The Destinations Open to Travelers Vaccinated against Covid-19

Anse Source d'Argent beach, La Digue Island, Seyshelles
(CNN) — As the Covid-19 pandemic continues to wreak havoc on the travel industry, countless destinations around the world are rolling out vaccines to their most vulnerable citizens.
The UK has already vaccinated over 15 million people, while the US is currently administering 1.6 million shots a day.
Meanwhile, Denmark has announced plans to launch a coronavirus digital passport by the end of February that will act as documentation the holder has been fully vaccinated against Covid-19.
Although it’s worth pointing out that the main Covid vaccines are around 95% effective, which means vaccinated individuals may still become infected and spread the virus to others, there’s no doubt that these successful rollouts are a step in the right direction.
As a result, a number of destinations are choosing to either drop border restrictions for travelers who’ve been fully vaccinated, or ease them significantly.
From Cyprus to the Seychelles, here are seven destinations reopening to tourists who’ve received the Covid-19 vaccine.


An aerial view shows the Akamas Peninsula along the western coast of Cyprus on May 31, 2020.

Late last year, Cyprus official revealed plans to drop restrictions for vaccinated travelers.
Back in December, Cyprus became the first destination to announce plans to allow travelers who’ve been fully vaccinated to enter without having to go into quarantine.
In addition, visitors who provide proof that they’ve received both doses of a Covid-19 vaccine will be allowed to visit without providing a negative PCR test result on arrival.
This will likely only apply to those arriving from destinations on the country’s safe travel list, which is regularly updated. However Cyprus recently agreed a deal with Israel that allows vaccinated travelers to travel between the countries without restriction.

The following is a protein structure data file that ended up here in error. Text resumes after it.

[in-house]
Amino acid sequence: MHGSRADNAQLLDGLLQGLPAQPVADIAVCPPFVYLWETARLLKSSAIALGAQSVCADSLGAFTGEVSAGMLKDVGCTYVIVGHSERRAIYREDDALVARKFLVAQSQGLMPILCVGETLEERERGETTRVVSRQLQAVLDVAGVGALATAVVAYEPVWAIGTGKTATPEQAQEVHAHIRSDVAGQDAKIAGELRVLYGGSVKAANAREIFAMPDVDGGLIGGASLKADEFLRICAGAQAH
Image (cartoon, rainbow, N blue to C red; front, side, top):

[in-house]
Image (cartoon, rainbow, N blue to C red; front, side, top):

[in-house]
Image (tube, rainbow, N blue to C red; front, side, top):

“The amended action plan is expected to further boost the interest of airline companies to carry out additional flights to Cyprus, improve connectivity and increase passenger traffic,” transport minister Yiannis Karousos told the Cyprus Mail newspaper when the plan was announced last year.
While it was previously claimed that the new rules would come into effect on March 1, this not been confirmed by government officials as yet.
Currently travelers who are permitted to visit Cyprus have the option to either provide a negative PCR test taken within 72 hours before travel, or undergo a test on arrival.
They must then go into quarantine for two weeks in government-assigned accommodation. The isolation period can be shortened slightly if travelers undergo a molecular test on their tenth day of quarantine at their own expense and receive a negative result.


Visitors approach Town Hall Square in the historic city center on March 24, 2017 in Tallinn, Estonia.

EU travelers arriving in Estonia who are fully vaccinated do not have to quarantine.
Sean Gallup/Getty Images
Estonia hasn’t just dropped mandatory quarantine requirements for EU travelers, it’s also relinquished them for those with evidence proving they’ve recovered from Covid-19 in the past six months.
The European country is also accepting those with vaccinations from nine suppliers across the world rather than just Moderna, Pfizer-BioNTech or Oxford-AstraZeneca, the three that have been approved by the European Union.
Only vaccination certificates produced in Estonian, Russian or English will be recognized and visitors who’ve previously had Covid will need to submit a doctor’s certificate, as well as a recent PCR test indicating they are no longer infected with the virus.
“This is to show mutual solidarity. If we take into account vaccines in use in other countries, we could hope that vaccines in use in our country will also be taken into account in other countries,” Hanna Sepp, head of the country’s Infectious Diseases Surveillance and Epidemic Control Department, told Estonia television organization ERR News.
Estonia currently has a 10-day mandatory quarantine in place for arrivals, with exceptions for European countries deemed low risk, such as Bulgaria, Iceland and Norway, as well as evidence of a negative PCR test taken within three days of arriving. Those arriving from the UK are also required to present a negative PCR test taken no earlier than 72 hours before arrival.

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